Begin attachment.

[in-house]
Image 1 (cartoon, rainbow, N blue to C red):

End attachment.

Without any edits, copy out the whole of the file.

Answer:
[in-house]
Image 1 (cartoon, rainbow, N blue to C red):